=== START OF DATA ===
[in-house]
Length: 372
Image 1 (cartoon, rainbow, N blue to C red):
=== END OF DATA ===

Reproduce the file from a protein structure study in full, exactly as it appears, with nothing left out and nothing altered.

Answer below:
[in-house]
Length: 372
Image 1 (cartoon, rainbow, N blue to C red):